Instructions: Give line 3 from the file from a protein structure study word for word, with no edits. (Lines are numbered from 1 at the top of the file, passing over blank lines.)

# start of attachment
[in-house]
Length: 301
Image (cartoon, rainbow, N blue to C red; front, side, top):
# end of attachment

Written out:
Image (cartoon, rainbow, N blue to C red; front, side, top):